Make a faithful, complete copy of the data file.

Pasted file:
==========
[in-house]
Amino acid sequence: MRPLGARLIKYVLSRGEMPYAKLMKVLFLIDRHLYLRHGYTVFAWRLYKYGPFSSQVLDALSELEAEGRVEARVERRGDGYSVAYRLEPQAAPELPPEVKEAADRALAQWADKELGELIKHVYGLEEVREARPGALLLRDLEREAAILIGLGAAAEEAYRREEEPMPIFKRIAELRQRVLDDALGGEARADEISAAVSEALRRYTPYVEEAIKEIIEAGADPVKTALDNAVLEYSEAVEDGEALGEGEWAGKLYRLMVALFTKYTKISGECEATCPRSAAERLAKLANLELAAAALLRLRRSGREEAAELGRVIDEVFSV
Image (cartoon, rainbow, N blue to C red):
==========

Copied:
[in-house]
Amino acid sequence: MRPLGARLIKYVLSRGEMPYAKLMKVLFLIDRHLYLRHGYTVFAWRLYKYGPFSSQVLDALSELEAEGRVEARVERRGDGYSVAYRLEPQAAPELPPEVKEAADRALAQWADKELGELIKHVYGLEEVREARPGALLLRDLEREAAILIGLGAAAEEAYRREEEPMPIFKRIAELRQRVLDDALGGEARADEISAAVSEALRRYTPYVEEAIKEIIEAGADPVKTALDNAVLEYSEAVEDGEALGEGEWAGKLYRLMVALFTKYTKISGECEATCPRSAAERLAKLANLELAAAALLRLRRSGREEAAELGRVIDEVFSV
Image (cartoon, rainbow, N blue to C red):